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Spire Hesslewood Clinic Good

The provider of this service changed - see old profile


Inspection carried out on 18 - 20 September 2018

During a routine inspection

Spire Hesslewood Clinic is operated by Spire Healthcare Limited. The clinic primarily serves the communities of the East Riding of Yorkshire and Hull. It also accepts patient referrals outside of this catchment area.

Spire Healthcare Limited acquired Spire Hesslewood Clinic in 2014. After a six-month commissioning period Spire Hesslewood Clinic began caring for patients from February 2015 on a ‘walk in, walk out’ basis. There are two theatres, where minor procedures were performed under local anaesthesia and outpatient consulting rooms at the clinic, which offered dermatology, Botox, chronic migraine, dietetics, podiatry, orthotics, rheumatology and outpatient ophthalmology services. The clinic operates as a satellite to the main site, Spire Hull and East Riding Hospital. The hospital is located approximately one and a half miles north of the clinic. The clinic is under the same management structure. Staff are ‘flexed’ across the two sites, which also share the same medical advisory committee, senior management team, a single medical records storage site, policies and procedures. The two sites also have a combined data collection process and clinical dashboard, meaning that data was not available at a site-specific level for Spire Hesslewood Clinic.

Services were provided to children and adults of all ages (0 to 75+) and were offered to NHS, insured and privately funded patients. The service had six consulting rooms at the Hesslewood clinic.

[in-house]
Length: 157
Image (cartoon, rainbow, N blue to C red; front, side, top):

We inspected this service using our comprehensive inspection methodology. The inspection was unannounced (staff did not know we were coming) and took place from 18 to 20 September 2018.

To get to the heart of patients’ experiences of care and treatment, we ask the same five questions of all services: are they safe, effective, caring, responsive to people's needs, and well-led? Where we have a legal duty to do so we rate services performance against each key question as outstanding, good, requires improvement or inadequate.

Throughout the inspection, we took account of what people told us and how the provider understood and complied with the Mental Capacity Act 2005.

The main service provided by this hospital was surgery. Where our findings on surgery, for example, management arrangements, also apply to other services, we do not repeat the information but cross-refer to the surgery service level

Services we rate

Our rating of this service stayed the same. We rated it as good overall.

  • Staffing was managed safely across all services. We found there were enough staff with the appropriate skills, experience and training to keep patients safe and to meet their care needs. The clinic was visibly clean and well maintained. Incidents were reported and the quality of root cause analysis (RCA) investigations was more robust. Mandatory training compliance was at or above trajectory including safeguarding of vulnerable adults and children.